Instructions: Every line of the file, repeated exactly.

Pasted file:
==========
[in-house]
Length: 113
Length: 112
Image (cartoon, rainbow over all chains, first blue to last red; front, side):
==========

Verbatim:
[in-house]
Length: 113
Length: 112
Image (cartoon, rainbow over all chains, first blue to last red; front, side):